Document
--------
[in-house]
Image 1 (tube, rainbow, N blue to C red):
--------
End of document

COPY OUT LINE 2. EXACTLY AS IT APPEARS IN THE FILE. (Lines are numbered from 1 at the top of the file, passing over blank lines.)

Image 1 (tube, rainbow, N blue to C red):